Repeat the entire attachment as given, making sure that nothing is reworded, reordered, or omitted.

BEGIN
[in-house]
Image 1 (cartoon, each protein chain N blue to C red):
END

[in-house]
Image 1 (cartoon, each protein chain N blue to C red):